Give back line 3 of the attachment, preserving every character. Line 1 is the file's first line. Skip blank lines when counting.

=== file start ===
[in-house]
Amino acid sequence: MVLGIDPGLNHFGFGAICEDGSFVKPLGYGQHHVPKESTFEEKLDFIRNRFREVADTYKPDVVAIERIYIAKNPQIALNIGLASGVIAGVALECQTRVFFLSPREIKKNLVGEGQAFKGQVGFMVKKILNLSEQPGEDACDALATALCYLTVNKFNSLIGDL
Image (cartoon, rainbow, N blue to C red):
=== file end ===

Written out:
Image (cartoon, rainbow, N blue to C red):